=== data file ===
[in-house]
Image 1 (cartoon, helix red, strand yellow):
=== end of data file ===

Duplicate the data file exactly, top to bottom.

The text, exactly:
[in-house]
Image 1 (cartoon, helix red, strand yellow):